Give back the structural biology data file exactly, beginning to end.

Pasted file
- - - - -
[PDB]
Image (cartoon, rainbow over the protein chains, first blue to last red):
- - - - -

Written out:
[PDB]
Image (cartoon, rainbow over the protein chains, first blue to last red):